Adhesive 45 is disposed on the exposed surfaces of first surgical buttress 46 and second surgical buttress 48 (not shown). Adhesive 45 is disposed on the exposed surfaces of both surgical buttress 46 and 48 in an amount effective to provided a releasable attachment between surgical buttresses 46,48 and apposed working surfaces of a surgical stapling device to allow buttresses pieces 46,48 to be temporarily positioned on the working surfaces of the device prior to use of the device in surgical procedures for approximating body organs and tissues such as lung, esophagus, stomach, duodenum and other body organs. In a preferred embodiment of the present invention, adhesive 45 is a tacky liquid or gel, which is biocompatible with bodily tissue and preferably degradable.

First 46 and second 48 surgical buttresses are positioned on alignment means 10 such that first 18 and second 20 guide channel walls will direct the apposed working surfaces of a surgical stapling device into contact with surgical buttresses 46,48 when the surgical stapling device is clamped down onto alignment means 10. This effectively ensures for a consistent method of engagement between a particular surgical stapling device and alignment means 10 such that surgical buttresses 46,48 always will be applied to the apposed working surfaces of the surgical stapling device in the desired manner. This also allows a physician to quickly and easily retrofit an existing surgical stapling device to produce reinforced surgical stapling lines without undertaking painstaking efforts to properly position the buttress material on the surgical stapling device, thereby minimizing the costs associated with producing fortified surgical stapling lines.

FIGS. 4 and 5 a-c display the method of engagement between a typical surgical stapling device 30 and alignment means in combination with surgical buttresses 46,48. Surgical stapling device 30 comprises first 32 and second 34 jaw members. First 32 and second 34 jaw members have first and second apposed working surfaces 33 and 35, respectively. It is important to note that the embodiment of surgical stapling device 30 depicted is not limiting to the scope of the present invention, as there are a number of surgical stapling devices known in the art that will work with the invention disclosed herein.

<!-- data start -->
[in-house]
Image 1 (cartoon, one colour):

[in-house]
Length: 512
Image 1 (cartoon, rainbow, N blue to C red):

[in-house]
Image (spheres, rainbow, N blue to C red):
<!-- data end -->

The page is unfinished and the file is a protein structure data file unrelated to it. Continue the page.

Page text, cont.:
The steps for engagement of alignment means 10 and stapling device 30 are summarized as follows. First 33 and second 34 jaw members are engaged within first 18 and second 20 guide channel walls, respectively. First 32 and second 34 jaw members are clamped together so as to compress first 46 and second 48 surgical buttresses into contact with receiving means. Jaw members 32,34 are opened from their previously closed position and remove first 46 and second 48 surgical buttresses from alignment means 10, such that first 46 and second 48 surgical buttresses are temporarily and releasably attached to apposed working surfaces 33,35 of first 32 and second 34 jaw members, respectively.

Details of the method are shown in FIGS. 5 a to 5 c. FIG. 5 a is a cross-section of FIG. 4 taken along line A—A. The figure shows first surgical buttress piece 46 disposed on first surface 24 of receiving means, and second surgical buttress 48 disposed on second surface 26 of receiving means 22. Adhesive 45 is disposed on the exposed surfaces of both surgical buttresses 46,48 in an amount effective to provided a releasable attachment between surgical buttresses 46,48 and apposed working surfaces 33,35. A releasable attachment will allow buttresses 46,48 to be transferred from alignment means 10 and temporarily positioned on apposed working surfaces 33,35 of jaw members 32,34, respectively, prior to use of the device in surgical procedures for approximating body organs and tissues such as lung, esophagus, stomach, duodenum and other body organs.